The Bali Pass Trek is a hidden treasure that most travelers ignore, so come and claim the beauty of this secluded trek. Forget yourself in the sheer bliss of this place as you climb 5300m through Dhumdhar. Here you will see Wildflowers, lush green meadows with novel flowers.

The Bali Pass is a mountain pass that reaches peaks slightly below 5,000 meters and connects the valley of Har Ki Dun Ruinsara to Yamunotri and vice versa. On this hike, you will have fun and come across hilly terrain, rough rocks, dense forests with lush vegetation everywhere, silky green meadows, snowy glaciers, and icy trails, etc.


History of Bali Pass Trek

According to Ramayana mythology, the Bali Pass is named after the king of the monkeys, Bali. Bali is said to have crossed the Himalayan mountains and defeated a demon named Odari. To pay tribute to the heroic ruler, the place is known as the Bali Pass. According to the Mahabharata epic, the Pandavas attempted to ascend to heaven from the top of Swargarohini which is called the path to heaven.

Bali Pass Trek Night Camping
Image Credit: Säñjît Ðhöñí Påñ

This happened after the triumph of the Kaurava Empire. Although only one of the brothers, Yudhishthira was able to reach heaven, the passage of Bali traces its paths to the civilizations of the past. The story goes back to the 1940s, when a teacher named Jack Gibson of the Doon School popularized this trek. Many hikers now enjoy their pleasures every year in the overcrowded region. 


AREAGarhwal Himalayan Region
DURATION9 DAYS
BEST SEASON May, Jun, Jul, Aug, Sep, Oct,
GRADETough
ALTITUDE1900 – 5000 mts
APPROX TREKKING KM61 km
Keypoints for Bali Pass Trek

Bali Pass Trek Night Camping Bali Pass Trek Night Camping
Bali Pass Trek Stars Bali Pass Trek Stars
Bali Pass Trek Snow at Peak Bali Pass Trek Snow at Peak
Bali Pass Trek Winters Bali Pass Trek Winters
Bali Pass Trek Greenery Bali Pass Trek Greenery
Bali Pass Trek Swargrohini View Bali Pass Trek Swargrohini View
Bali Pass Trek Summer Bali Pass Trek Summer
Bali Pass Trek Camping Snow Bali Pass Trek Camping Snow
Bali Pass Trek Stars Bali Pass Trek Stars

Highlights of Bali Pass Trek

  • Wild animals such as the Himalayan ibex and blue sheep, black bears, and brown bears can be seen on this trail seldomly.
  • Village of Jaunsar is often claimed as the descendants of the Pandavas. This is a small village known for its wooden houses.
  • Spend time observing the lush green meadows of Dev Thach from the high altitudes.
  • Meet and greet the villagers of Gangad and Osla. Learn about their culture and folklore. Osla is known for its interesting Himachali architecture.
  • Seek the blessings of Lord Shiva at Yamunotri Temple, which is a part of the Chota Char Dham Trail.
  • Relax at the edge of Lake Ruinsara, one of the glacial lakes.
  •  Stunning views of the Himalayan peaks namely Swargarohini, Kalanag, and Bandarpunch.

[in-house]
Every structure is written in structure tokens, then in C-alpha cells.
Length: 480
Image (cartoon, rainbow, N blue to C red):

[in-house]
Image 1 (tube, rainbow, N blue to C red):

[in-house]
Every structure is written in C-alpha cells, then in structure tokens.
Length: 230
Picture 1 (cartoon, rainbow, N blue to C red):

Location of Bali Pass Trek

This high pass passes under the national park and the sanctuary of Govind Pashu Vihar. Located in the Uttarkashi district of the Uttarakhand, this is an irresistible trek that shows the breathtaking beauty of the Garhwal Himalayas.

Bali Pass Trek Winters
Image Credit: Himachal Network

The Bali Pass’s road distance is 66 km from Taluka to Janki Chatti. The trek is ultimately difficult as it has a maximum height of over 16,000 feet and long days of walking, with steep climbs and descents. At 4950m above sea level, Bali is a high-altitude pass, offering views of the Kala Nag, Bandarpoonch, and Swargarohini peaks. Trekking to the Bali pass is not easy; hikers will need the help of technical tools such as crampons and ropes. 

Best Time to Visit Bali Pass Trek

The best time to travel the Bali Pass Trek is during the summer (May-June) and after the monsoon (September-October).

Summer: The climate of the Bali Pass remains healthy and pleasant during the summers. The Himalayas are visible and the cool breeze adds charm to the vacation. 

After the Monsoon: The greenery of the Bali Pass welcomes the tourist to get lost in the wilderness. Sip your tea as you admire the snow-capped peaks of Bali Pass during the monsoon.

Bali Pass Trek Camping Snow
Image Credit: Sumit Sarkar

The roads are likely to be blocked for a few hours due to landslides, but the scenic beauty of the Bali Pass is worth the risk during the monsoon. In summer, daytime temperatures can range from 18 degrees Celsius to 25 degrees Celsius and nighttime temperatures drop from 0 to -5 degrees Celsius.

How to Reach Bali Pass Trek

The trek starts from the village of Taluka which is connected to the village of Sankri. Sankri is the last village connected by public transport. 

By Road –

If you are starting your journey from Delhi, take the bus from ISBT Kashmiri Gate, New Delhi to Dehradun. Once in Dehradun, hire a taxi or if you are in a group travel by public transport. There is one direct bus from Dehradun to Sankri. Try to reach Dehradun early in the morning as the bus to Sankri village runs from 6:00 a.m. to 8:00 a.m. 

By Train –

Dehradun is the closest terminus of Bali Pass which is well served by many trains from Delhi and other areas. Local buses and taxis are easily available from Dehradun station. 

By Air –

The closest airport to Bali Pass is Dehradun’s Jolly Grant Airport. From there rent a taxi or take a bus to Sankri village.

Read more: Dayara Bugyal Trek


Itinerary of Bali Pass Trek

Day 1: By car from Dehradun to Sankri: 187 km   

The journey starts in Dehradun. Purola, Mori and Netwar. Reach Sankri. There is no network connectivity in this village, so you can watch the sunset over the neighboring peaks of the Great Himalayas without any distraction. 

STAY HERE IN THE NIGHT.  

Day 2: From Sankri (1,920 m) to Seema (2,560 m) via Taluka (2,050 m)